For those of you who don’t live around these parts, armadillos look like little armored anteaters, with longish snouts and rounded ears, and a little bitty tail protruding out of a shell. I am not sure how they got into the states; I think they just came up from Mexico perhaps. They are thriving here, surely, and have moved out of Texas into the rest of the southern states. There are three problems with armadillos. First, they are known to carry leprosy, but as most people don’t cuddle armadillos, that’s not often a problem. Second, they dig. This is perhaps the biggest complaint, as they love to dig holes in gardens and lawns in search of worms and other tasty treats. Third, they hop. This almost guarantees that they become roadkill en masse on southern roads and highways. This is because, when you see one in the road, if you can manage to steer your wheels to miss the armadillo and pass over it, the little fool will give a startled hop and smash itself into the undercarriage of your car.When I was in residency, my program director despised armadillos. You couldn’t even bring them up. They destroyed his lawn and garden, and he would spend nights on his porch, gun and drink in hand, blasting armadillos when he saw them. I had a pair of armadillo earrings I liked to wear just to get under his skin, since he was patently incapable of remembering the names of any of the female residents. He took the guys fishing. This irritated me; he irritated me; it seemed only fair that I should irritate him. I think he wanted to shoot me when he saw them.
When I was an Ob/Gyn in Atlanta, I had a patient who had an injury by armadillo. These are fairly gentle animals, so I had to question her how on earth she had come to fall on her pregnant belly because of an armadillo. She explained that she had been in her garden and she had startled one and it hopped at her (remember the armadillo/hop reflex). She mistook the hopping for an act of aggression and retreated from it shrieking, tripping over a low row of shrubbery in the process. We had to check out the baby and make sure it hadn’t been hurt by her armadillo-induced belly flop. The baby was fine, and for the rest of her pregnancy, I referred to her as “armadillo girl”. She at least had a sense of humor about it.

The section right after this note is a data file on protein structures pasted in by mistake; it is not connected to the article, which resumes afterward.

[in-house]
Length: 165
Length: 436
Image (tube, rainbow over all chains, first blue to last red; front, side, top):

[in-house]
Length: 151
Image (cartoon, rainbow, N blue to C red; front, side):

My folks have an armadillo problem. Like most everyone else, the armadillos dig holes in their lawn and plants. Mom was told by someone she knew (I kid you not) that the best way to trap an armadillo was to bait a Have A Heart trap with Juicy Fruit gum. They swore armadillos loved this substance above all others. So mom bought and baited the trap, and woke up in the morning to… a raccoon. The coon had been attracted to the gum and got caught in the trap. Now the problem was, the raccoon had to come out of the trap. Those of you who live in the city may not realize this, but raccoons are incredibly vicious fighters and can be very dangerous when cornered. My dad had to find a pair of leather gauntlets just to open the trap. The raccoon caterwauled and hissed the entire time, and Mom and my daughter retreated in fear. They finally got the thing out of the trap and the coon beat it for the hills.
When I was visiting the folks for Thanksgiving this year, I saw Mom out in the backyard, doing this incredibly slow, gingerly dance out in the back yard. She looked like she was practicing some form of insane foxtrot. I went out in the backyard and asked what strange dance she was doing. “I’m replacing armadillo divots,” she explained. We laughed and laughed at Mom’s armadillo foxtrot, but she is still incredibly put out that the armadillos are tearing up her yard.
Those little suckers are real pests. I don’t think they’re getting eradicated any time soon – they like it too much here. I have to giggle when I see an armadillo though. I have way too much history with them just to pass them by. I’m just waiting for the next exciting armadillo event.